I found this over at Perez Hilton’s–a photo of Britney Spears from the new TV Guide.
You can, if you like, head over there to read all the comments about how good Spears looks. I, myself, feel like screaming, “That’s not her arm!” Because, it’s not her arm.
That’s not what Spears’ arm looks like and that’s not an arm that exists in nature. I know we’ve had the airbrushing discussion before and I remain a person of mixed feelings. On the one hand, I appreciate that being able to retouch photos when the circumstances under which they were taken were less than ideal is nice. On the other hand, I really don’t like it. I get that it’s an art, and I appreciate it as an art. But when we see it normally, it’s not being presented to us as an art–it’s being presented to us as a representation of reality.
That picture of Spears is supposed to be a representation of what she looks like in real life, now that she’s gotten her act back together (someone could write a great post on how photos of Spears pulling her life together and looking mentally healthy are of her looking thin and how photos of her showing her as being out of control and mentally ill are of her looking less thin, even when those photos are obviously taken either at the same time or just days apart, but I’m on a little different track here). But that’s not what she looks like in real life. You can even look at other photos on Hilton’s site to see that.
Still, my mind really wants to accept that as an accurate portrayal of reality.
You can stick “examples of airbrushing” into any search engine and get sites like Greg Apodaca’s. Look here to see what he was able to do to a woman in a bikini. But, first, before you mouse over to see the “before,” just look at that. Do you register that as a picture of that woman (meaning a pretty accurate portrayal of what that particular woman looks like) or as an illustration of a woman (meaning a pretty accurate rendition of someone’s idea of what a woman might look like)?
Because, I have to tell you, no matter how much I know that’s just an illustration of a woman, my mind wants to see it as a picture of a woman. I want to reiterate that I don’t blame Apodaca for that. He’s just doing what he’s paid to do and he’s damn good at it.
But I worry about what it does to us and our expectations for ourselves when our brains cannot make that distinction.
I was reading over at Kate Harding’s today about how one of her reader’s daughters was handed a pamphlet in class that directed the pamphlet recipient (a young girl about to start menstruating) to a site sponsored by Proctor and Gamble. One of the pages on that site was this one.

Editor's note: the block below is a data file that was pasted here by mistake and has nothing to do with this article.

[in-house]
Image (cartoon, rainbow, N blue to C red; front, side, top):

On a page full of tips on how to stop young girls from becoming Fatty McFattersons, here’s some of the “advice.”:
2. Write down everything you eat. Icky, we know, but we also know there’s no better substitute (except looking at yourself in the mirror naked), that’s better than tracking what goes into your mouth to get you into the habit of thinking before you eat.
Yes, America, Proctor and Gamble is advising your young daughters to stand in front of a mirror naked, scrutinizing themselves for signs of fat.
That, my friends, is disgusting enough. (And shame on P&G for the whole post, which might as well just be a guide for how to develop an eating disorder.)
But I want you to think about it in context with that picture of Spears or the “woman” in the doctored photo.
Because how is a girl, standing there naked in front of the mirror on P&G’s advice, supposed to know how she “should” look?
I turn to food when I’m stressed or depressed. But I have a fast metabolism. I do still have a little chubby though lol.
I’m 13 and I weigh 105 pounds.
I am 13 and weigh somewhere in the range of 108-110..
Is that normal? I don’t really know.
I am scared to step on a scale because i think I will get stressed out over what I weigh.
I am 12 years old and weigh 130 lbs everyone says i m not fat but believe me i am someone plezzz help!!!!
alright, I am 15 years old, 5’5″, and I weigh about 118 lbs.
what do you think about this?I always want to lose weight but I have no freaken self control!it’s so hard!
I tell you where they turn, what they compare themselves to–to “women” who don’t exist in real life, to doctored, photoshopped illustrations that vaguely resemble the actual women they’re based on.
Is it enough to point out to girls that obsessing over what you eat is a convenient way to keep you wasting mental energy that could be spent on actually making your life better? That the women they’re being encouraged to be like don’t exist in real life anyway? That they’re almost constantly being lied to in order to make them feel like shit so they’ll buy stuff?
And how can we tell girls that stuff and expect them to believe it when we ourselves have such a hard time accepting it as the truth?